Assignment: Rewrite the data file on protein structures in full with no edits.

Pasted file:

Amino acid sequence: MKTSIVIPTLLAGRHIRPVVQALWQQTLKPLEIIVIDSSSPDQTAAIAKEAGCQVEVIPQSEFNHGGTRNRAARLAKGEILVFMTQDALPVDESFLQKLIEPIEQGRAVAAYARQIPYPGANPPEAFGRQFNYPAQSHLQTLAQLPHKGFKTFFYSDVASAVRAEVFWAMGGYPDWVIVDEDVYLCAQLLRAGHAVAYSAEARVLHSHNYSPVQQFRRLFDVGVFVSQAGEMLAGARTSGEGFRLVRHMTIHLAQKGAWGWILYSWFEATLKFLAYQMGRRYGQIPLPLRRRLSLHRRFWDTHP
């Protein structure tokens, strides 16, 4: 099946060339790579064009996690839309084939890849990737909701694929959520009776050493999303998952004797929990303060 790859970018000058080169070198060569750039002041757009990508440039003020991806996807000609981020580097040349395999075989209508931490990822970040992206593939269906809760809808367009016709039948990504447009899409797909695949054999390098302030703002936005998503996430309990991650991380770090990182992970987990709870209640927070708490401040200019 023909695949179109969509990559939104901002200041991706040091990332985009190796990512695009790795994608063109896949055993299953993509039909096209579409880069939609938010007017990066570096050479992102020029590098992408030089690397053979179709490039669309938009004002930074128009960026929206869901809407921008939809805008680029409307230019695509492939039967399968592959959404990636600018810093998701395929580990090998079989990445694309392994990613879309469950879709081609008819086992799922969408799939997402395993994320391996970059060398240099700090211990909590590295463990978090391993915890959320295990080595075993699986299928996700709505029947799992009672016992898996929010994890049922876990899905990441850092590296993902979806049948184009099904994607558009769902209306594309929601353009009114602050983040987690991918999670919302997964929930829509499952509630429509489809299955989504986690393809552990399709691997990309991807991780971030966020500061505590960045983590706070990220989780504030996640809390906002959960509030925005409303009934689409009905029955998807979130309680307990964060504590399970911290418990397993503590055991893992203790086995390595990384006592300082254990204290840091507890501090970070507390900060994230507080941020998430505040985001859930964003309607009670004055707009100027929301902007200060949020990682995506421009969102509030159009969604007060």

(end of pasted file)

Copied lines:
Amino acid sequence: MKTSIVIPTLLAGRHIRPVVQALWQQTLKPLEIIVIDSSSPDQTAAIAKEAGCQVEVIPQSEFNHGGTRNRAARLAKGEILVFMTQDALPVDESFLQKLIEPIEQGRAVAAYARQIPYPGANPPEAFGRQFNYPAQSHLQTLAQLPHKGFKTFFYSDVASAVRAEVFWAMGGYPDWVIVDEDVYLCAQLLRAGHAVAYSAEARVLHSHNYSPVQQFRRLFDVGVFVSQAGEMLAGARTSGEGFRLVRHMTIHLAQKGAWGWILYSWFEATLKFLAYQMGRRYGQIPLPLRRRLSLHRRFWDTHP
């Protein structure tokens, strides 16, 4: 099946060339790579064009996690839309084939890849990737909701694929959520009776050493999303998952004797929990303060 790859970018000058080169070198060569750039002041757009990508440039003020991806996807000609981020580097040349395999075989209508931490990822970040992206593939269906809760809808367009016709039948990504447009899409797909695949054999390098302030703002936005998503996430309990991650991380770090990182992970987990709870209640927070708490401040200019 023909695949179109969509990559939104901002200041991706040091990332985009190796990512695009790795994608063109896949055993299953993509039909096209579409880069939609938010007017990066570096050479992102020029590098992408030089690397053979179709490039669309938009004002930074128009960026929206869901809407921008939809805008680029409307230019695509492939039967399968592959959404990636600018810093998701395929580990090998079989990445694309392994990613879309469950879709081609008819086992799922969408799939997402395993994320391996970059060398240099700090211990909590590295463990978090391993915890959320295990080595075993699986299928996700709505029947799992009672016992898996929010994890049922876990899905990441850092590296993902979806049948184009099904994607558009769902209306594309929601353009009114602050983040987690991918999670919302997964929930829509499952509630429509489809299955989504986690393809552990399709691997990309991807991780971030966020500061505590960045983590706070990220989780504030996640809390906002959960509030925005409303009934689409009905029955998807979130309680307990964060504590399970911290418990397993503590055991893992203790086995390595990384006592300082254990204290840091507890501090970070507390900060994230507080941020998430505040985001859930964003309607009670004055707009100027929301902007200060949020990682995506421009969102509030159009969604007060």